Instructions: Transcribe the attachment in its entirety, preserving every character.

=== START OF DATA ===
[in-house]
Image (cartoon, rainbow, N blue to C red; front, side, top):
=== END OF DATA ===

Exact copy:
[in-house]
Image (cartoon, rainbow, N blue to C red; front, side, top):